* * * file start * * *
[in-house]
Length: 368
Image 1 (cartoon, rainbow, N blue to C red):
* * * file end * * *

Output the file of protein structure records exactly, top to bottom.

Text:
[in-house]
Length: 368
Image 1 (cartoon, rainbow, N blue to C red):